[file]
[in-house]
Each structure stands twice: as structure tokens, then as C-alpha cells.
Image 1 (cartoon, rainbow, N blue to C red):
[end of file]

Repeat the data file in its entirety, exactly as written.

[in-house]
Each structure stands twice: as structure tokens, then as C-alpha cells.
Image 1 (cartoon, rainbow, N blue to C red):